Cameras behave very differently,based on their capture size and the lenses used with them. Depth of field is not exactly "linear",and once one approaches within about 60 percent of the hyperfocal distance with a small-format camera, the depth of field "effect" becomes one not of selective focus, but of EVERYTHING being more or less in acceptable enough focus to recognize background objects; unfortunately or fortunately,depending on one's needs, the smaller the capture format, the more this effect is true. Look at this article to see that the APS-C Nikon D2x is a deep depth of field,small-format camera,and the Canon FF camera allows shallow DOF http://www.outbackphoto.com/workshop/phototechnique/essay07/essay.html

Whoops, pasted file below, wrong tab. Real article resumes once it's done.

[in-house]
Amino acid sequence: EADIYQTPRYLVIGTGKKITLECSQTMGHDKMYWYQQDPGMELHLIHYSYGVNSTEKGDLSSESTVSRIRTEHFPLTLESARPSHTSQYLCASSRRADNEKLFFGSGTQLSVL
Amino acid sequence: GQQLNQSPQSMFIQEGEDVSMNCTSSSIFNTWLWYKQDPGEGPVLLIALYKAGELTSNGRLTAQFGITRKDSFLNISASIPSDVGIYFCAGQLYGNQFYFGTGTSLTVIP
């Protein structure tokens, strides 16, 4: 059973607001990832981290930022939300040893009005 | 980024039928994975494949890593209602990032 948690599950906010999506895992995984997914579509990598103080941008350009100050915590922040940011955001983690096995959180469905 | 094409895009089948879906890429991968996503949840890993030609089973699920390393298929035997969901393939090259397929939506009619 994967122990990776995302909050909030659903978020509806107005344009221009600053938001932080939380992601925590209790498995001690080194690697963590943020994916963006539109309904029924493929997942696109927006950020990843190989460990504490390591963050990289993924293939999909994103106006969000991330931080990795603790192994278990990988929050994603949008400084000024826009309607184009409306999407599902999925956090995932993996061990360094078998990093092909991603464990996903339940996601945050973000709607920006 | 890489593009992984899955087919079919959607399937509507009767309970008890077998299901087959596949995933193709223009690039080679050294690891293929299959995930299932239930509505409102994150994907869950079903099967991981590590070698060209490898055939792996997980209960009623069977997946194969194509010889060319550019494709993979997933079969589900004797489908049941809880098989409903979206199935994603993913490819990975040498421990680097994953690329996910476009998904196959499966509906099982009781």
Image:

On large format cameras like 4x5 sheet film objects outside the "best" plane of depth of field will be "less in focus" than if the photographer is using a 120 roll film camera and 6x7 cm capture, and by the time one gets to 24x36mm, very deep depth of field is achievable when the lens is well-stopped down,even on lenses that have a telephoto or narrow angle of view; by the time one gets to consumer digicams with their itty-bitty little sensors, focusing at as close as 15 inches can put the lens and its entire range at hyperfocal distance. The old 4x5 format sheet film camera has a tendency to be classed as a format that is characterized by SHALLOW depth of field.The various 120 rollfilm formats typically offer moderately shallow DOF. The venerable 24x36mm or FF35mm or FX digital format camera has a lot of flexibility in its depth of field characteristics largely because the lenses available offer either very long focal length, or very large wide aperture sizes like f/1.2 or f/1.4, or BOTH very long length AND very wide apertures like the 400mm f/2.8m as well as wide-angle lenses of shiort length and wide aperture like Canon's 24mm f/1.4, as well as wide angle lenses like 14mm f/2.8's that can be used wide open or stopped down greatly. The DX format cameras offer significantly greater depth of field than FX format camera do, at every focal length and f/stop. Exceedingly deep,almost limitless depth of field is available with hundreds of today's compact sensor digicams. Kodak invented the miniscule Disc Format camera in the 1970's specifically and with intent to create a film format so small that focusing the lens was NEVER needed--ever. They succeeded; compact sensor digicams and cell phone cams utilize this principle to this very day--make the capture format very,very small, and a VERY short lens can capture almost unlimited depth of field when focused at 1.5 to 2 feet. There's no way to say this delicately, but the DX format d-slr is a poor choice for commercial photography situations where the photographer must go out to locations and is confronted by tight working quarters and inadequate space. It seems that on location photo shoots, often times one arrives there,and the place is under construction,or there's "not as much space as we used to have", or "we can't shoot in there", and with a DX camera you run into space constraints where you have a very narrow range of focal lengths that can be used--and that is "it". It can be very frustrating to be caught in a tight space situation and have to shoot a DX format camera with a wide angular field of view on the lenses we actually have, like 20mm or 24mm,etc, and also being rendered UNABLE to deploy anything longer than a 70mm lens much of the time!